Several weeks ago, The Honest Kitchen sent us samples of their pure haddock dog treats, Quickies, to review. So, I need to start off this blog post by apologizing for how long it took for me to write this post! (Astute blog readers will notice the blog looks a bit different. That’s because WP 4.0 broke it, and my backup didn’t contain the layout files… let’s just say the last month has been a bit of a challenge.)
Back to the treats!
I’m a THK diehard, but I have to be honest – I never had any desire to purchase Quickies. Why? Because so many companies make single ingredient dog treats. And Quickies are kind of pricey. What could possibly make them better than all of those other treats?
My Verdict: Quickies Dog Treats are Awesome!
I was blown away. Seriously. These are the best dog treats I’ve tried this year. (And I go through approximately 5 pounds of treats a week at Spring Forth Dog Academy, so let’s just say I have my hands on a lot of treats.)
They remind me of candy for dogs, except they’re super healthy because they contain only one ingredient. They’re compressed into little heart shapes, making them almost the size and consistency of a piece of kibble.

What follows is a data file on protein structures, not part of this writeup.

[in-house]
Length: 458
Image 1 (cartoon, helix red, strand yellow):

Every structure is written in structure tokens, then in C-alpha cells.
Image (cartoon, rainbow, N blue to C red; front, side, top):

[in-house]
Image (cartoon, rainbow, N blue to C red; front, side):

This means you can use them in the Treat and Train (aka Manners Minder) remote dog treat dispenser! There are very few grain-free, low-ingredient treats that are compatible with this device, so this is a big deal for me. Continue reading
The Honest Kitchen recently sent us some samples of one of their new base mixes, Kindly, for the boys to try.
If you’re not familiar with The Honest Kitchen, they are one of the most innovative pet food companies. All of their products are human-grade. Not just made with human-grade ingredients, but actually human-grade - you could eat this if you wanted to. (I’ve heard their employees do just that!) Their products are also GMO-free, and no ingredients are sourced from China.
Their dog and cat food is dehydrated, so all you have to do is add water. This makes it really convenient for traveling and flying. When we flew to a couple of agility events last year, I put Strata’s food for an entire week in a ziplock baggie at the bottom of my purse. I don’t recommend trying that with a week’s worth of canned food!
Not all dogs enjoy playing with toys. But with a bit of ingenuity, many of these dogs can learn to find the joy in playing with a toy with you. A great intermediary step is teaching your dog to retrieve a food toy – an object with food in it. When they bring the object to you, they earn a treat that comes from the toy.
Because I work with a lot of dogs who start agility training as adults and haven’t had lots of practice playing tug or other interactive games with their owners, my students and I have tested out many different food toys. Here are our favorites.
The Viewtainer is my personal favorite food toy. It’s inexpensive, lightweight, and very easy to throw accurately. Since it’s clear, your dog can see the food inside which helps keep their interest. It’s also very easy to clean!